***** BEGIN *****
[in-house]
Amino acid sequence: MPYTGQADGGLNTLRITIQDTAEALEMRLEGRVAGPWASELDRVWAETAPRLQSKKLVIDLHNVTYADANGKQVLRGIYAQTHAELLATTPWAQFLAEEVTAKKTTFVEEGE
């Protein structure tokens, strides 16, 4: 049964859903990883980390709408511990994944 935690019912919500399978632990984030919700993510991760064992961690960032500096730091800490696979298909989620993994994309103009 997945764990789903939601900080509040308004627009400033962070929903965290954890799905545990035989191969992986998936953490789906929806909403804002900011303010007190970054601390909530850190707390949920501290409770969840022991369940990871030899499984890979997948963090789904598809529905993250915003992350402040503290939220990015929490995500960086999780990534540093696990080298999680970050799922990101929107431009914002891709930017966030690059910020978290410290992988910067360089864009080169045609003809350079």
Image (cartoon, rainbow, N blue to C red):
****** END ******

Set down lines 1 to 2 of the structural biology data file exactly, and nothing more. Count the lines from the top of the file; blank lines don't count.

[in-house]
Amino acid sequence: MPYTGQADGGLNTLRITIQDTAEALEMRLEGRVAGPWASELDRVWAETAPRLQSKKLVIDLHNVTYADANGKQVLRGIYAQTHAELLATTPWAQFLAEEVTAKKTTFVEEGE